The Boss is back on the playlist at Montclair State, where the music, art and life of the superstar was explored in a class this past summer taught by Classics and Humanities professor – and mega fan – Prudence Jones.
Jones has contributed to the scholarly research on the 72-year-old New Jersey rocker, applying her academic expertise of “more ancient stuff” to interpret American pop culture and how Bruce Springsteen’s work reflects the American experience in the late 20th and early 21st centuries.
“My specialization and background is Latin poetry, particularly the Augustan poets,” Jones says. “There’s a fair amount of love poetry, so analyzing lyrics, analyzing poetry, it’s not that big of a jump for me.”
All of which made Jones particularly qualified to weigh in with a scholarly take on last summer’s debate over the lyrics to Springsteen’s “Thunder Road.” When the Boss ushered in the return to live theater with Springsteen on Broadway, fans took to Twitter arguing about the words “sways” versus “waves” from the opening line, “A screen door slams, Mary’s dress sways” … or to some ears … “Mary’s dress waves.”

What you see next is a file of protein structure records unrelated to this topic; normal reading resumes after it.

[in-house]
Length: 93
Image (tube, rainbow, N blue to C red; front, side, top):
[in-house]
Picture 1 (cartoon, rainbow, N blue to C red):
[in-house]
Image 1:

Thanks to The New Yorker, fans got their answer on what Mary’s dress is doing (it’s “sways,” according to Springsteen’s manager and producer Jon Landau). But a close reading of liner notes by Jones led her to a different conclusion.
“My opinion is that Bruce has performed it both ways and thus there is no 100% accurate answer,” Jones says, pointing to the times when Springsteen used “waves” and times he used “sways.” “I think that the answer truly is that it is both and which one we get depends on how Bruce recreates the song in each performance.”